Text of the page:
Chief executive candidate Ho Iat Seng declined on Thursday to comment on the government’s proposal to increase paid maternity leave from 56 to 70 days, even though he acknowledged that the proposal remains below the expectations of the Macau Women’s General Association (commonly known as Fu Luen), which had requested that the statutory paid maternity leave in the private sector be raised to 90 days – as in the public sector.
Ho made the remarks during a visit to the association’s Integrated Services Building in Rua da Barca. The former president of the Legislative Assembly (AL) pointed out that the paid maternity leave period is currently being discussed by a standing committee of the legislature and that he needed to respect the position of the current government on the issue. Lawmakers passed the outline of the bill in a plenary session last month. After its committee-level discussion and revision, lawmakers will vote on the bill article-by-article in its second reading during a plenary session after the current summer recess.
When asked by reporters who covered his visit about the issue, Ho declined to comment, pointing out that as chief executive candidate it would “not be appropriate” for him to comment on the matter as he ought to respect the view of the current government on the matter as it has already proposed the bill and submitted it to the legislature.
On the other hand, Ho also said that his election campaign visits to a string of private social service organisations had enabled him to know more about their activities. He said that the visits were a “lesson” for him, namely because he had seldom visited these kinds of organisations in the past.
The Integrated Services Building in the San Kio neighbourhood houses various service centres, such as for family services, young people services and senior citizens services.
During the visit, Ho and his election campaign team members were briefed by the association’s board members, including its president Lam Un Mui and vice-president-cum-lawmaker Wong Kit Cheng, about the operations of the various service centres in the building, where Ho also chatted with users of the various services.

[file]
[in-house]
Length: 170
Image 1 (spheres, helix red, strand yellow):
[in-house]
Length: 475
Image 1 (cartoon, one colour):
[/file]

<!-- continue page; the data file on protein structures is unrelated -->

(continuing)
Pupils and students talked with Ho about study and employment issues, senior citizens talked with him about the government’s health voucher scheme and parents asked Ho about the city’s statutory paid maternity leave.
Speaking to reporters on the sidelines of the visit, Ho said that he had rarely visited social service organisations and their various service centres in the city before he launched his election campaign. Ho said that his visits to various social service centres over the past few weeks had provided him with a “lesson” enabling him to gain a better understanding of the various social services provided in different neighbourhoods. Ho said that the visits had also enabled him to know about the still insufficient social services in the city.
Ho said that while his campaign platform could not be changed after his recent visits to a string of social service organisations, he would use the understanding that he gained from the visits as reference for his policy planning every year after taking office as chief executive.
Ho is generally expected to be elected Macau’s next chief executive by a large majority of a 400-member election committee at the Macau East Asian Games Dome on Sunday morning. He is slated to be sworn in as Macau’s third chief executive – and fifth-term chief executive – on December 20. Edmund Ho Hau Wah was the first chief executive of the Macau Special Administrative Region (MSAR) between 1999 and 2009. He was succeeded by Fernando Chui Sai On, whose term ends at midnight on December 19. Each chief executive can serve a maximum of two consecutive five-year terms.
According to the Macau Post Daily, Ho also said that Thursday’s visit was “the happiest one” for him as he saw many children in the Integrated Services Building.
Ho’s two-week-long election campaign ends tonight. No campaigning is allowed tomorrow, the day before the election. He is scheduled to give a press conference about the election on Sunday afternoon.